• Use the digital thermometer to alarm when it's ready
  • Set up an A-frame ladder over your cooler
  • Hook the ratcheting side of a tie strap directy above the cooler
  • Open the cooler and tie a knot in the top of the bag
  • Make a loop on the strap side of the tie-strap and slip the knot through
  • Ratchet the grain bag out of the wort
  • Once above the water line, swap the cooler beneath the bag for the large brew pot
  • Then slowly pour all of the liquid from the cooler over the grains
    • Try to give all the grains equal love
    • This step filters most of the extra crap in the beer, meaning you get more beer that tastes better and looks cleaner at the end
  • Once the sparge water is hot enough, pour it over the grains in the bag and let it drip into the large brew kettle
    • You may need to ratchet the tie strap up a bit more if you find that the water level is nearing the bottom of the bag
  • Give this plenty of time to drip dry
  • You should not have a large brew pot almost full of wort, fill it up with extra water to the desired boil volume
Total Time Before Brewing: 2-2.5 hours
Total Effort Before Brewing: 30 min, maybe.

Once the wort reaches a boil brew like you normally would per the recipe
You might want to add some Whirlfloc or Irish Moss though, as it will help eliminate the increased haze that comes from the BIAB method.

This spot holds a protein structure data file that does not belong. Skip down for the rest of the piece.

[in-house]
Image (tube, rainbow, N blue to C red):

Why is this easier than standard BIAB?
  • Just bring water to strike and sparge tempertures, no watching things.
  • Cooler holds a steady temperature and won't need re-heating over the 90 min steep
  • Do whatever you want during the steep
    • Last batch I went to a park, played with my dog and wife, did some hiking together, went grocery shopping, at lunch, and started watching football all while 'brewing'
  • No chance of burning a grain bag on the pot
    • Can use full-force heat for all parts instead of more-slowly ooching up the temperature.
  • Ladder is easy to set up and take down
  • Ratchets make it super-simple to lift the grain bag and hold it in the exact right spot for a long time
  • Using a digital thermometer means you don't have to watch anything, just listen for beeps
Why is this easier than mini mash?
  • Longer steeping time means you have plenty of time to do other things
  • Steeping in a cooler with this much water means temperatures won't fluctuate much
  • No bringing things to a boil only to then cut flame, then bring back to a boil
  • Also, it tastes much much better
I'm not an expert, but I've done 3 batches this way and really love the ease of everything, and the beer produced is by far the best-quality beer I've ever made. The flavors are also much cleaner and complex than anything I've done as an extract or mini mash.

If you have or can use a 5-gal cooler, then I'd at least give this a try. Sure it's not going to be quite as good as something from a 3-tier proper brewing setup, but it's really really close. Seriously, it doesn't get much better than this.